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Identify resistor help please.

Nigel Goodwin

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Still don't see how a 1 M resistor can get so hot that it fries itself and scorches the board through to the bottom side. 1 W of heat in a 1/4 W body would take 1000 V RMS or DC.
Possibly the resistor has gone low in value, although they don't look the type that do? - historically it was a relatively common fault, with high voltage resistors going low in value, which makes them dissipate more power, which in turn makes them go lower still etc.


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I drew out part of the circuit and I don't understand.
I thought the .47 & .56 caps are for 120/220 volts but now I think not.
Every cap is 400v. Why?
There is a part that looks like it is in backwards. What is written on the part? "13001"
Maybe the brunt resistor is 10 ohms as a load when the battery is not charging. ??
Which two wires go to ac power?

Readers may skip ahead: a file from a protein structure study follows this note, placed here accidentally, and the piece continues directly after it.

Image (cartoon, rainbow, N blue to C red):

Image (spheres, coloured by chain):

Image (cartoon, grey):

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As above, 13001 is a high voltage NPN.

I think the days of resistors burning short are behind us. I still have some carbon comps for high freq work, but in my experience, spiral cut carbon film and metal film guys burn open.

Care to share the sch?



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to battery" are the holes for the screws
Yes, I was trying to say wires connect and go off board.
I am trying to get more information for AnalogKid or Nigel.
Right now I think the burned resistor is not 1meg but more like 10 ohms.
Question: Can the battery be connected backwards? How can there be that much power in the burned resistor?
Question: Can the battery be connected backwards?
The label on the charger says "Induction output 4V 40mA" (photo in post #14).

I believe the socket for the torch houses a coupling coil, like a typical electric toothbrush charger etc. and the transistor is an oscillator to drive the coil. That's why it does not need isolation from the AC side, as if I'm interpreting it correctly there are no exposed connections.


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I think the transistor and induction coil forms a oscillator.
If so then the burnt resistor is not 1meg ohm. But what?

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